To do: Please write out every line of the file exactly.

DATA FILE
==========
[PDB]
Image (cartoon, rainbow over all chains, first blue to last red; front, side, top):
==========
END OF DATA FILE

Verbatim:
[PDB]
Image (cartoon, rainbow over all chains, first blue to last red; front, side, top):